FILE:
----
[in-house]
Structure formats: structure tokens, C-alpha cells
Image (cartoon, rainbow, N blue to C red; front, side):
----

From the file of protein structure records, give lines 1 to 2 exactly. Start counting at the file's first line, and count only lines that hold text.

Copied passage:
[in-house]
Structure formats: structure tokens, C-alpha cells